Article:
What to read in that rare “downtime”…
As a PhD researcher, I spend a lot of time reading. Whether it is news reports, policy documents, journal articles, academic books, it all adds up to a lot of time following words along a page or screen. While this probably is a main reason for the frighteningly rapid deterioration in my eyesight over the last few years, it can’t be helped. It’s one of the major parts of the job!
But reading is also a leisure activity. Over the years of this PhD journey I have gone through ups and downs with leisure-time reading. Sometimes I pick up a novel and hide away for three days just to finish it (which means three days without head space to think about the PhD). Sometimes I go for months and months without reading anything unrelated to my PhD, but then I begin to feel somewhat out of touch with the social conversations going on around me.
So I’ve found a new middle-ground. I now read nonfiction that is unrelated to my PhD! That way I don’t get so engrossed in the book that I have to physically take holidays to get it finished (30 minutes before bed is sufficient to get through it!), and I also don’t get the feeling that I’m totally disconnected from the world around me.
My latest nonfiction reading was Naomi Wolf’s “Vagina”. You may have noticed from some earlier posts of mine (e.g. on Street Harassment or on Women at the Top?) that I have strong feelings about equality of all sorts, but especially between men and women. It’s a tricky topic.
I had originally thought that Wolf’s book would be a bit of feminist manifesto, but I was wrong! It is in fact an easy-to-read history of the role of the vagina (or the “feminine”) in history, and how this has developed from an attitude of reverence towards it to one of shame or debasement over the centuries. It’s an interesting discussion of Western/modern attitudes to women and to sex in general and how it has become distorted over the years. (As an aside, pornography is probably one of the major examples of disrespecting women and/or the feminine. An article in the BBC magazine even asks the question: should we educate our children about pornography? More young people today are confused about the difference between pornography and reality…)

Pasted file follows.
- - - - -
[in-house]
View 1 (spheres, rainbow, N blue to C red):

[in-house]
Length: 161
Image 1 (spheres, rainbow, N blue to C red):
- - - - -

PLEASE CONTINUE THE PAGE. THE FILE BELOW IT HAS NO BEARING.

Wolf draws on plenty of emerging scientific evidence about the nerval connections between the vagina and brain to argue her point that a happy vagina = a happy, creative woman. But, it’s not a feminist call to ditch men. In fact, Wolf does state that a healthy relationship between a man and a woman is an excellent way to achieve a healthy vagina. Conclusion? (Heterosexual) Women need men.
But don’t stop there.
I’ve now moved onto reading a book by Hanna Rosin called The End of Men and the Rise of Women, and I’ve gotten through about half of this book already. This is a fascinating book to move onto immediately after finishing Wolf’s book. Rosin’s argument focuses on the US and how the economic recession there has affected the balance of women and men in employment. As the traditional manufacturing economy has collapsed in the US, more men than women lost their jobs, and the balance is that more women are now working than men. However, this doesn’t mean that men are competing with women for jobs – no, they are rather sitting around being depressed! Her stories tell of women who have higher education, higher drive to find work, more transferable skills, but men who are still not interested in retraining in what have been seen as traditionally women’s professions. Teaching training and nursing schools still struggle to recruit male students, while these health, education and service industries are where jobs are to be found in the recession!
But that’s not all. Not only are women making more money than men, and more women are employed than men, but the women are also STILL doing the lion’s share of the housework and childcare. What are the men doing? It’s a good question. Several of the cases in Rosin’s book point out that women have decided they are better off taking care of the house and children by themselves. A man is seen by several of these women as “just another mouth to feed”.
So – do women need men, do men need women, should we just stop these sorts of conversations?
I am looking forward to Rosin following up with a new book in about fifteen years that I hope will describe how the women currently in the lower levels of the economy (albeit in greater numbers than men), rise to the top. Will our working lives look different with women in command? That still remains to be seen.